Biophysically-realistic network modeling of deep brain stimulation and the role of computational neuroscience
In this seminar, I will talk about high frequency deep brain stimulation (DBS) of the subthalamic nucleus (STN), which is an established clinical therapy for patients with medically refractory Parkinson’s disease (PD). DBS is known to suppress excessive beta band (∼13–30 Hz) activity of the motor cortex in PD. While the mechanisms of action of STN DBS are not well-understood, strong evidence supports a role for cortical network modulating effects elicited by antidromic activation of cortical axons via the hyperdirect pathway.
A spiking model of the thalamo-cortical microcircuit was developed to examine modulation of cortical network activity by antidromic STN DBS, mediated by direct activation of deep pyramidal neurons (PNs) and subsequent indirect activation of other thalamo-cortical structures.
Increasing and decreasing synaptic coupling strength between different layers of the model led to increased beta activity and neural synchrony, as observed in PD. High frequency DBS desynchronized correlated neural activity, resulting in clusters of both excited and inhibited deep cortical PNs. The emergence of additional frequency components in the local field potential (LFP), and increased power at subharmonics of the DBS frequency as observed in patients with dyskinesia during DBS, occurred under different stimulus amplitudes and frequencies. While high-frequency (>100 Hz) DBS suppressed the LFP beta power, low-frequency (<40 Hz) DBS increased beta power when more than 10% of PNs were activated, but reduced the total beta power at lower levels of neural activation.
The results suggest a potential mechanism for experimentally observed alterations in cortical neural activity during DBS via the propagation of DBS stimuli throughout the cortical network, modulated by short-term synaptic plasticity, and the emergence of resonance due to interaction of DBS with existing M1 rhythms by engaging feedforward-feedback loops.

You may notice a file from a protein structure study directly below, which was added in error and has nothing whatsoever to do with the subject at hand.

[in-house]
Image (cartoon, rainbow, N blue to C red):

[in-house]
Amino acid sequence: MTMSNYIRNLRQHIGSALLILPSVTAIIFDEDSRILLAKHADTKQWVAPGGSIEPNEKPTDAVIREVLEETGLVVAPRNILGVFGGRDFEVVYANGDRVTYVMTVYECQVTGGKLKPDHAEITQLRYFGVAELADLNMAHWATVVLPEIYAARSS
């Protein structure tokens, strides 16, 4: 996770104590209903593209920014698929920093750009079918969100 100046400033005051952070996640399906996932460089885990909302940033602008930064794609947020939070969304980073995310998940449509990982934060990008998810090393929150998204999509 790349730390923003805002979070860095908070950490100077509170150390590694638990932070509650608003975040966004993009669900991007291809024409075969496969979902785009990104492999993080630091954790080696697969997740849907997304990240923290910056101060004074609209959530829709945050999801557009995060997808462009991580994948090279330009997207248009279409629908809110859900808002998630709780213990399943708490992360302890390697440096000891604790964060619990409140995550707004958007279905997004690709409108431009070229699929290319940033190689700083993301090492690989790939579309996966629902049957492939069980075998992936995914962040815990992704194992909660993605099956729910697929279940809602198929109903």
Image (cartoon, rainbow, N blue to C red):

During the talk, I will also present our recent data analysis works covering PD research such as simultaneous network modulatory effects of medication and DBS, and phase-amplitude coupling observed in PD patients during different tasks in STN LFPs.
AmirAli Farokhniaee did his Bachelor degree in atomic-molecular physics at University of Tehran, Iran, and continued his grad studies in the USA beginning at Florida Atlantic University, Boca Raton, Florida, and obtained his PhD degree in physics from University of Connecticut, CT. His research focus at the time was simulation and analysis of gradient frequency neural networks, with an emphasis on auditory neuroscience and sound/music perception applying rules of theoretical and computational neuroscience.
AmirAli is now the consultant for Grigioni foundation for Parkinson’s disease based in Italy and a senior researcher in the group of Prof. Ioannis Isaias, University Hospital Wurzburg, Germany, where they analyze brain signals such as local field potentials and EEG of the human gait during different movement tasks.
Time: May 24, 2022 09:30 Eastern Time (US and Canada)
Meeting ID: 878 5921 6530